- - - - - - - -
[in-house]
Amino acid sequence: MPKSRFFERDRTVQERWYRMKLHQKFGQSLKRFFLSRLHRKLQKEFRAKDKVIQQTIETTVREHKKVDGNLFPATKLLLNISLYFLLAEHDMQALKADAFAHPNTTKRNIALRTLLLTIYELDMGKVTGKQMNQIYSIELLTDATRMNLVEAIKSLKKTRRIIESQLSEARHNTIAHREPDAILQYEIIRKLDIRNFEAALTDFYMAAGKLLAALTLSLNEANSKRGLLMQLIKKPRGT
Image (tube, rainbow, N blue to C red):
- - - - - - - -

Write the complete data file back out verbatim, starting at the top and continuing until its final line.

[in-house]
Amino acid sequence: MPKSRFFERDRTVQERWYRMKLHQKFGQSLKRFFLSRLHRKLQKEFRAKDKVIQQTIETTVREHKKVDGNLFPATKLLLNISLYFLLAEHDMQALKADAFAHPNTTKRNIALRTLLLTIYELDMGKVTGKQMNQIYSIELLTDATRMNLVEAIKSLKKTRRIIESQLSEARHNTIAHREPDAILQYEIIRKLDIRNFEAALTDFYMAAGKLLAALTLSLNEANSKRGLLMQLIKKPRGT
Image (tube, rainbow, N blue to C red):